But one of the transitions in being sick that helped me a lot was reaching the point where I decided that I couldn’t wait to be ‘better again’ but that I could go on living my life the way it is given to me, and living as well as possible. And largely I do — I have recalibrated the scale so that the 30% is my new normal — and that’s how I measure ‘how I am’. How am I? Well today the asthma is bothering me after the chest infection and that scares me. The last few days I have been feeling dizzy and nauseous towards evening. My lower back and my neck are hurting more than usual. Otherwise I am OK. I am getting about a bit more, enjoying being in Oxford, a bit sad that there is not much I am capable of ‘fettling’ right now, let alone a ‘bright and battering sandal’. Enjoying hearing the bells of Oxford this morning.
I guess ‘fine’ covers it — but it contains another betrayal — not of my former self but of my present self.
This seeing the sick endears them to us, us too it endears.
‘Seeing’ and ‘seeing the sick’ are at the heart of Hopkins’ poem but invisibility is part of the burden of chronic illness. Everyone with chronic illness knows the experience of feeling lousy and being told how well we look. It is usually meant well but it can feel alienating, corrosive. Asserting one’s visibility is problematic too. Rightly, the ones around us calibrate their scale by what they see in the medium term. If someone is acutely ill — common cold, broken leg, etc — we see a change, we extend sympathy, give help, we want to know how someone is. But, as Bateson said, it is difference that makes a difference. And it is the lack of difference in chronic illness that makes the illness invisible. When we force the issue of visibility — tell the story of our illness — we run the risk of alienating those around us. Hell, our illness bores us too!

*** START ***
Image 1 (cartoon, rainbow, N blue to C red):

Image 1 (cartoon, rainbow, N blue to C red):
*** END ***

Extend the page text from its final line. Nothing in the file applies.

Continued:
Talking about chronic illness feels transgressive — as if we are allowed into polite healthy society on the condition that we pretend. Even sitting here writing this my internal critic is trying to shut me up — ‘quit whining’ it says.
I am taking comfort in knowing that Hopkins himself grappled with invisibility and lent it eloquence:
St. Alphonsus Rodriguez
Laybrother of the Society of Jesus
Honour is flashed off exploit, so we say;
And those strokes once that gashed flesh or galled shield
Should tongue that time now, trumpet now that field,
And, on the fighter, forge his glorious day.
On Christ they do and on the martyr may;
But be the war within, the brand we wield
Unseen, the heroic breast not outward-steeled,
Earth hears no hurtle then from fiercest fray.
Yet God (that hews mountain and continent,
Earth, all, out; who, with trickling increment,
Veins violets and tall trees makes more and more)
Could crowd career with conquest while there went
Those years and years by of world without event
That in Majorca Alfonso watched the door.